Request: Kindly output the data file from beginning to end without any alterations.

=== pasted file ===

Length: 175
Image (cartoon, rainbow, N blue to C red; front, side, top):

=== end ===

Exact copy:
Length: 175
Image (cartoon, rainbow, N blue to C red; front, side, top):